Wednesday, May 21, 2008
I hadn’t been to beach in months, yet I found myself in the surf a second time on Monday afternoon. Hubby had business in Newport in the afternoon, so I rode along and parked myself at a local Starbucks. I was able to sit outside (and so was Oliver), where I sipped a grande two-pump cinnamon dolce soy light foam latte and got caught up on some writing (blog posts, too) and reading (Snow Flower and the Secret Fan). When Hubby’s meeting was over, we took Oliver down to historic Nye Beach (after a quick stop at one little shop: Toujours) for a romp in the sand.
This is the pretty necklace Hubby bought me at Toujours:
I knew I would get a dinner out of it by tagging along and Hubby didn’t disappoint. We decided to eat at Blackfish, where I had a meal I’m still thinking about. Gnocchi was the base, then it was loaded with roasted garlic and greens and I can't even recall everything else, but it was so good, I would be willing to drive to the coast just to have it again (if gas weren't so expensive!):
And here is Hubby’s beautiful cioppino:
We drove home in the dark, feeling satisfied and rested.
Tuesday, May 20, 2008
Sunday was one of those devilishly fun days. Hubby and I had spent several days in Warrenton and Astoria visiting our friends Dave and Vicki and my parents. We left for home at 9:30 a.m. on Sunday morning. Little did we know we wouldn’t actually reach home until after 9:00 p.m.!
First stop was Fort Stevens State Park, where we found one of the smaller day use areas to park. We took Oliver over a few grass-studded sand dunes and down a steep path to the beach – Oliver was in doggy heaven (and so was Hubby).
Oliver soon discovered a couple other dogs out playing on the beach and joined right in with his new found beach buddies.
All the while and Hubby and Oliver were running on the beach, I was beachcombing. JACKPOT! I started finding sand dollars littered along the pristine beach. Some perfect . . .
. . . some not.
(except for one unfortunate dollar, who had a run in with a tire)
After a nice long walk to the end of the beach, we began our walk back to the car. A beach fairy had written me a message in the sand, which I discovered on our return walk.
Next up: The Astoria Sunday Market, one of the best on the west coast. While there, we had not one, but TWO vanilla soy lattes from the Astoria Coffee House. Their Stumptown coffee makes the best lattes: so smooth and delectable!
While sipping our FIRST latte, we strolled the booths of the Astoria Sunday Market and I bought some earrings. (Hubby actually encouraged me to purchase a pair of larger-then-what-I-usually-wear green beauties). We chose to eat Greek food from one of the many food booths and I ate my salad and pita bread while listening to live music.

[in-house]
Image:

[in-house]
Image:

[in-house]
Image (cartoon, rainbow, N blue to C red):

Sated on food and shopping, we found ourselves back at the Astoria Coffee House for our second latte, this time choosing to sit at one of their outside tables. We had Oliver at our feet and we met two fellow poodle owners – both had black standards like Oliver!
We eventually moseyed to our car and headed east on Highway 30. We got as far as Svensen, only to be lured into a right hand turn (Hubby’s suggestion) so we could stop at the (drum roll here) Svensen Grange for a FLEA MARKET!
Here are some of my treasures:
After a quick romp in the grass (for Oliver or Hubby? not sure), onward we went.
We made it as far as Clatskanie and the lure of yet another flea market, this one a permanent one (and with a brand new sign announcing its presence).
It was here that I discovered my prized adding machine/cash register, marked AS IS – not to worry, I told the seller, I was buying it for the keys and the handle:
Hubby wanted to drive through the heart of Clatskanie and there on a little fingerling of a river in the middle of town was an antique/collectibles store. It was a gem of a store and I found a small bag of goodies:
Back into the car and we made it as far as Jones Beach. We drove away from Highway 30 and toward the Columbia River – the only requirement for these agricultural plots: a minimum of four junker cars parked outside and covered with overgrown blackberry branches. Cars on blocks? Optional, but worth two hundred bonus points. We eventually discovered Jones Beach. It was not a quiet, quaint, out of the way beach, but home to four-wheelers romping and rolling all over the sandy dunes. Not the beach if you're looking for peace and quiet.